Since white is the color that reflects the most rays of light,and thus is most easily perceived, a beautiful body will be all the more beautiful the whiter it is.

Johann Joachim Winckelmann


  The seminal book History of the Art of Antiquity (1764) by Johann Joachim Winckelmann, marked a radical shift in the Western world's perception on ancient Greek art. Its glorification of Classical antiquity sparked off Neoclassicism and irrevocably redefined our conception of our past. Disregarding the fact that ancient Greek and Roman sculptures were originally painted with bright colors, Winckelmann argued that white marble represents the unblemished beauty and absolute truth, influencing a great number of thinkers. From his book, a very controversial phrase is often requoted: "Since white is the color that reflects the most rays of light, and thus is most easily perceived, a beautiful body will be all the more beautiful the whiter it is".

Dionisios Pappas, with a background in archaeology, often draws images and symbols of classical sculptures in order to challenge modern preconceptions about identity, single principles and centralized ideals that are deeply rooted in our understanding of Ηistory and, by consequence, our view of ourselves and others. Intentionally using paper in his work, he makes a case for a fragile and shattered view of the material body and the self. Familiar images of a glorious past become the ephemeral, dark ruins of today. Pappas’ sculpture Venus (2017) is made from multiple pictures of the face of the Greek Goddess. He decisively opens holes in the face, disturbing its beauty and allowing the viewer to look through and beyond the multi-layered image. As if an image must be pierced in order to reveal a deeper meaning.

  In his series Dolls (2017), the artist moves away from archaeological references to use dissected vintage children's dolls as his canvas. In search of a new skin, he overlays them with photocopies of himself to cover the plastic flesh. Through these inky effigies, a new, intimate identity is restored. Another tender artwork linked to childhood is Portrait I (2015), inspired by a photo of the artist’s mother. The image of the face is shaped through multiple layers of the same folded photo, giving the impression of a vibrating liquid surface when a pebble drops in water. In Head A / Head B (2018), the artist creates disproportioned replicas of his head that look like a nightmarish snapshot of himself, as perceived by others. An idea that penetrates his large-scale pencil drawings Head I / Head II (2017), immersed in darkness. Their features are blurred, and they look back at us like a transmuted image of ourselves.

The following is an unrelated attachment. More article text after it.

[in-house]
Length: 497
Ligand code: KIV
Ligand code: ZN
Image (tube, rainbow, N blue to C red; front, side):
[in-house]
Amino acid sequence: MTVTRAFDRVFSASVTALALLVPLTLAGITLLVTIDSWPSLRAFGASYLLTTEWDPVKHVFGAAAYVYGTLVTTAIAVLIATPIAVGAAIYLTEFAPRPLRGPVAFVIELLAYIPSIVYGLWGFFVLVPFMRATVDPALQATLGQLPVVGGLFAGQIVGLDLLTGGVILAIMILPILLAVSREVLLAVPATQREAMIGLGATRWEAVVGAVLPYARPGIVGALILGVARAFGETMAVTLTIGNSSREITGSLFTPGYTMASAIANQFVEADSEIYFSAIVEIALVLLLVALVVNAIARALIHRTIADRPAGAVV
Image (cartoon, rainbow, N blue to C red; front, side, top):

In the 18th century, Winckelmann used a causal explanation to prove the superior aesthetic purity of a material over another (and of a civilisation over another) based on its property to reflect "the most" rays of light. Today, Dionisios Pappas, a modern offspring of the "white marble ideal", caught between an idealised past and a globalised present in decay, tries to subvert any absolute or dominant belief. Instead, he suggests a prismatic perspective of the world and a decentered, diversified view of things and of oneself. Truly, what the world needs is more rays of light. More and more.

Eleni Tranouli



Dionisios Pappas (1974) was born in Athens and, throughout his school years, he frequented the Art Studio of Dimitris Mytaras in Chalkida. It is where he first developed a flair for art. Years later, his long studies in archaeology and Byzantine archaeology will find their way into his work as an artist. His works with paper because "paper, part of our everyday life, is the canvas of the first children's drawings; due to its vulnerability, the fragility is interwoven with the temporary". For Pappas, ugliness is seen in people's aggression which he has experienced himself. He is a savvy collector of kitsch lighters that he used when he was a smoker. A childhood memory he recalls is the smell of a sandlot friend. Many years later, when he ran into the same smell again, he immediately remembered the original.


"Dionisios Pappas: Most Rays of Light" is a monographic exhibition, part of THE DECEMBERISTS Subversive Encounters, organized by SAINT OF ATHENS with guest curator Eleni Tranouli.